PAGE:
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    All of the above. There's never an end to the learning. Like wowhaxor said, a lot of it comes from needing to know how to do something, so I just have to dig into learning how to do it. Some of it comes from me being bored and thinking.. "Hey it would be nifty if I could do this..."

    But most of it comes from being lazy and wanting to make tools to automate things. :)

    Not to try to overwhelm you, but I've been doing this for 8-9 years and I still feel like I haven't learned enough yet. My tip: Find some aspect that interests you and dig into that. Then keep repeating with new things. :)
     
  16. dynamicvb

    dynamicvb Regular Member

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    Lots of people here have degrees in Computer Information Systems, Computer Science, etc.. Plus its seems there are likely quite a few people like my self who have held day jobs as system admins, programmers, etc..

    Just my observations.
     
  17. mrankin

    mrankin Jr. VIP Jr. VIP Premium Member

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    A lot of us just have a lot of real world experience. I didn't finish high school, dropped out of University, but have been working in IT since 1996. I started programming at 14 on a Commodore 64 and have been tinkering with stuff ever since.

    Just keep on plugging away, and you'll be a guru in no time.

    TIP - remember to 'steal' other's knowledge. If you're trying to write a script to do something, chances are someone has written and published something very similar - find it, understand it and modify it.
     
  18. amber0855

    amber0855 Junior Member

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    It's simple to learn this, just start with a WYSIWYG like dreamweaver. Start building some websites in the design part and then looking at the code before and after. This will help you to learn some basics.

    Now you have attained the Noob level

    Then when you are ready to learn more, use google to find templates, scripts and other freebies on the web. Start cutting and pasting scripts together to reach your desired effects. Take time to try to learn what the scripts are doing.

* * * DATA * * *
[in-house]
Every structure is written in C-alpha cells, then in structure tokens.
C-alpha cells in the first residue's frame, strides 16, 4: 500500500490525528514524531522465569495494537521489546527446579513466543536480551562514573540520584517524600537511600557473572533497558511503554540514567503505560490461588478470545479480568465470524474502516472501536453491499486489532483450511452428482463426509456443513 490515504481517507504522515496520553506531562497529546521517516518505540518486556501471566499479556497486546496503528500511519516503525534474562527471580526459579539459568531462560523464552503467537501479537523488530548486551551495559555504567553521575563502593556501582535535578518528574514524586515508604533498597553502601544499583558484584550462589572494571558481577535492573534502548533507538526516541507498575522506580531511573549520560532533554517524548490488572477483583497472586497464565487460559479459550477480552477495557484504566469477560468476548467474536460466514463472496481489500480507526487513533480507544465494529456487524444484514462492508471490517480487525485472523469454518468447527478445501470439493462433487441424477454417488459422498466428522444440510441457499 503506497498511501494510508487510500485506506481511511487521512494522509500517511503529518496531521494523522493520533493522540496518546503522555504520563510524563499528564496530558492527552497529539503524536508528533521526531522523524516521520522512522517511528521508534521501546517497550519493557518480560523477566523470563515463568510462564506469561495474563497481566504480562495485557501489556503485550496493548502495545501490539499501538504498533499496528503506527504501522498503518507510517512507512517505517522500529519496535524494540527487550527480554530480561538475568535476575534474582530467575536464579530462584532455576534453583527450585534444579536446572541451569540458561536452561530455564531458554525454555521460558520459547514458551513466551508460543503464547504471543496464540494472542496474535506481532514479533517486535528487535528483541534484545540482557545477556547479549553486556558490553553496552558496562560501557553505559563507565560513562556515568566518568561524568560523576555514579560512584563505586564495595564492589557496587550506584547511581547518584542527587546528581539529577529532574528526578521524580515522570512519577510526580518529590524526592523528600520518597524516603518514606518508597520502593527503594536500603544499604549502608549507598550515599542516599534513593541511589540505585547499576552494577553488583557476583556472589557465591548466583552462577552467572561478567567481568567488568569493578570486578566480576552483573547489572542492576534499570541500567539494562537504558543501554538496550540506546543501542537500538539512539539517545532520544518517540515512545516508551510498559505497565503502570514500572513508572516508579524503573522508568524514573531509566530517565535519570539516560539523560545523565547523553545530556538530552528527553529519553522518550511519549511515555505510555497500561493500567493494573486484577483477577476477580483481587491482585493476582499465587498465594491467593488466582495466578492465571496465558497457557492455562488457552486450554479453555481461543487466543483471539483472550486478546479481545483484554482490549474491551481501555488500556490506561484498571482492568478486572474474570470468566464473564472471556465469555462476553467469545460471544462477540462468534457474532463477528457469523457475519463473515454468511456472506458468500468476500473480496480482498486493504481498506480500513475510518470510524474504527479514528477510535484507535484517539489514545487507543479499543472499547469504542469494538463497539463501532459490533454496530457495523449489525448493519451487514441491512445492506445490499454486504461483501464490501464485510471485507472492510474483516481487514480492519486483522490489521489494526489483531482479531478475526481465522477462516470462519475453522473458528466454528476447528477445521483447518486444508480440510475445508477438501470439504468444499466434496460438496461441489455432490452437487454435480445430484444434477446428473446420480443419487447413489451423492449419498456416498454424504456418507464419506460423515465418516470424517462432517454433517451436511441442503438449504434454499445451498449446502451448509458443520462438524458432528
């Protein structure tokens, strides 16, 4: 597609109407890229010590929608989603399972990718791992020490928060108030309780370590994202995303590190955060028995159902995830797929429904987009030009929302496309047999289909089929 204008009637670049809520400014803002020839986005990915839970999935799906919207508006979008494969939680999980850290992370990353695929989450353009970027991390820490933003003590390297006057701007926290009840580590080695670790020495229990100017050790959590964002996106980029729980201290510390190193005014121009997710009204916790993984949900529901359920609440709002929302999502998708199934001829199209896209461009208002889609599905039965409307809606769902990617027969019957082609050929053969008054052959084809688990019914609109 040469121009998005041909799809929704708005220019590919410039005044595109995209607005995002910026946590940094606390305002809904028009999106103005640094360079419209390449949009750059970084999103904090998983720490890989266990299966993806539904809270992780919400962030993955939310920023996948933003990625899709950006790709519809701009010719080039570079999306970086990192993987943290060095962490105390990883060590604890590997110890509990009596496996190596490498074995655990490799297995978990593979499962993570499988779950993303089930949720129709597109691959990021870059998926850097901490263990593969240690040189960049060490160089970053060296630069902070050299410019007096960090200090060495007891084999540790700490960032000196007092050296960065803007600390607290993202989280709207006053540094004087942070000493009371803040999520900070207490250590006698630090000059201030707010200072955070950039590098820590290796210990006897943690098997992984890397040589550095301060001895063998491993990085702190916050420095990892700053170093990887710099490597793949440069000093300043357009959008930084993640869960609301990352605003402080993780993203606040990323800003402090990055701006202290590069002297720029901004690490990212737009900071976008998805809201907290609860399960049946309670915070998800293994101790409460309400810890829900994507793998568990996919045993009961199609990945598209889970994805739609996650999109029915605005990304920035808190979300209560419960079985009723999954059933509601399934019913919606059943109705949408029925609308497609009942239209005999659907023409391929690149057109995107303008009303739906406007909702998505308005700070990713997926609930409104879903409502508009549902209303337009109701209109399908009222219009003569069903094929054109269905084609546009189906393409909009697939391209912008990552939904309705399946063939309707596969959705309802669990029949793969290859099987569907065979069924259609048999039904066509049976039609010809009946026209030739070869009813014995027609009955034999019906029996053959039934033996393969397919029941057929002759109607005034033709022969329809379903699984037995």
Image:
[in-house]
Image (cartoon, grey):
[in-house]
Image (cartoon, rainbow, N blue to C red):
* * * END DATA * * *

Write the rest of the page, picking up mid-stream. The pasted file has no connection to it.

Next, take on a php script and start editing various things to achieve your results.

    Now you are a script kiddie

    Last, start building your own scripts from the ground up, starting with simple things and progressing into more detailed scripts.

    Now you have just wasted 9+ months and you officially know nothing :p

    Remember, building a website is the easy part. Getting it to rank well and getting it to make you money is far more difficult. Don't spend too much time on coding, spend more time on getting paid using tactics that you do know or learn.
     
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  19. writt

    writt Junior Member

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    Even if you want to just start learning some basic html, there are tons of tutorials online. Also, view the source code of a few web pages, you'll start to see patterns developing (you'll have some "ah-a" moments). I started out doing sites in Dreamweaver but found it more rewarding to code by hand because I could see what the various tags would do, and it fueled my desire to learn more.
     
  20. MuonTrail

    MuonTrail Registered Member

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    Quoted for truth. Other people's code is an invaluable resource. Find something that does what you want and figure out how they did it. You'll learn things that you may not have even thought of on your own.